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Ban On Second-hand Clothes Supported At AGOA Summit

The proposed ban of second-hand clothing across the East African Community has received enormous support at the ongoing review of the Bloc’s eligibility to trade with the United States under the African Growth and Opportunity Act (AGOA).

The review which started last month, in Washington D.C, is in response to a petition filed by the Secondary Materials and Recycled Textiles Association (SMART), an association of textile companies from the United States. SMART argues that the decision by the East African Community (EAC) to ban imports of used clothing and footwear is imposing significant economic hardship on the United States’ used clothing industry.

EAC member countries resolved to outlaw the importation of used clothes and shoes across the East African Region by 2019. The resolution is part of the industrialization policy fostered by the various East African Heads of State to transform the manufacturing sector in member states.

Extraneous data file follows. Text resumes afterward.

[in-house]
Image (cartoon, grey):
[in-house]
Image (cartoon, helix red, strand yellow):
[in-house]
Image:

But the petitioners argue that the ban directly contradicts requirements that African Growth and Opportunity Act (AGOA) that beneficiaries work towards eliminating ‘barriers to United States trade and investment’ and promote ‘economic policies to reduce poverty’.

SMART Executive Director, Jackie King said that the association seeks the reversal of the ban and the roll back of the increase in duties in EAC member nations. The Association estimates that the implementation of the duties by EAC countries led to a loss of 5,000 jobs in the private sector of the U.S. used clothing industry and the loss of another 19,000 in the not-for-profit sector.

URN

One thought on “Ban On Second-hand Clothes Supported At AGOA Summit

  1. Please lets keep the second hand businesses going on and we still do Agoa cause we are so many in africa that we cant aford to loose either.

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